GARDINER: Well, I think the First Amendment is sacrosanct. And you know, you have to defend freedom of speech. And once you're on the slippery path of suppressing free speech, that's a path to totalitarianism. And America is all about freedom of speech. And I think that as long as you have freedom of speech in America, this is still a free country. And we have to defend it.
TIMPF: His only argument was that it was going to make things kind of harder for him. It's going to make the city a little more to be of a mess, be a little bit more difficult. Yes, it's a little hard to be the mayor. If you don't want a hard job, I don't know; go work in marketing or whatever else. Get a normal job and relax. Don't do that, you know what I mean? A job that's now where you're going to have to deal with things like this.
WILLIAMS: I know some people that work in marketing.
TIMPF: I'm not saying it's bad.
WILLIAMS: I'm kidding.
TIMPF: I'm saying that you won't to deal with these kinds of things, where you won't have to deal with protests. That is your job as a mayor to deal with these exact kind of issues. You can't just opt out of it.
BOLLING: And can -- right, and this is federal land; this is a federal plaza. He has no jurisdiction over what can and -- cannot be said or done there. And those permits were permitted in -- they'll go through with it.
WILLIAMS: Yes, of course.
MCCARTHY: You can't have a functioning democracy if, every time an uncomfortable subject comes up, we can't talk about it, because people are going to shout them down.
BOLLING: Unless it's Berkeley, California.
MCCARTHY: Right. Charles Merry (ph) or Ayaan Hirsi Ali or Heather McDonald or any of these -- they can't even speak in a classroom.
WILLIAMS: This is the problem with your country right now and why we are so divided amongst these class and racial and cultural and regional lines. People don't feel they're being heard. So we have to stop the knee-jerk reaction to silence voices and opinions we don't like.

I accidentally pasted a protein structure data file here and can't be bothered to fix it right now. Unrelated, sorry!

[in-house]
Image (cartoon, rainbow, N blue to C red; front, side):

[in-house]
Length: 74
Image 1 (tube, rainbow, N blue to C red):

TIMPF: Your whole -- as an elected official, your whole job is supposed to be to, above all, protect our freedoms. And if you're going to put your own convenience over that, then maybe you should get a different job.
All right. When we return, we "Circle Back" with our specialists, Andy McCarthy and Dr. Nile Gardiner, right after this.
WILLIAMS: Time to "Circle Back" with our specialists, Andy McCarthy and Nile Gardiner.
All right, start with you, Doc. You have worked for both U.S. and British governments. What's the biggest differences?
GARDINER: That's a very good -- that's a very good question. I think there are, of course, a lot of similarities. I would say that, you know, there are no two greater nations on earth than the United States and Great Britain; and the special relationship between our two great countries is the most powerful force for freedom today.
And so I've been very privileged to work with political leaders on both sides of the Atlantic. And it is, of course, a tremendous privilege to be living in the United States now, which is a true force for liberty and freedom on the world stage. Long may that continue.
BOLLING: Can I follow you up with this question? So we saw Brexit. We saw the anti-globalist, nationalist, populist movement. You go from Britain to here in the United States with Donald Trump. Can it continue?
GARDINER: Yes, I think, you know, Brexit is an immensely powerful force. It's a tremendous force for freedom, and Brexit is also great news for the United States, as well. And I think that it's going to strengthen the special relationship between the United States and the U.K. And Brexit is also going to tremendously impact the whole of Europe, actually. I think you are going to see a tremendous drive for sovereignty and self- determination.
BOLLING: Can it spread?
MCCARTHY: Yes, I think so, absolutely.
TIMPF: Yes, and Andrew, I wanted to ask you about the Trump-Russia investigation. If you could give one piece of advice for Trump on handling this and his team, what would it be?
MCCARTHY: We have to make it clear that there's a proper counter- intelligence investigation of Russia that he's interested in and wants to get to the bottom of, but that this is being used to create a criminal investigation that doesn't exist. And I don't -- I don't think that point should be that hard to get across.
TIMPF: Don't hear people making it, really, at all.
WILLIAMS: Well, Andy just did. There you go.
Thank you so much to our "Fox News Specialists" today, Mr. Andy McCarthy and Dr. Nile Gardiner.
And thank you all so much for watching. Make sure you follow us on social media, @SpecialistsFNC on both Twitter and Facebook. And remember, 5 o'clock will never be the same. "Special Report" up next.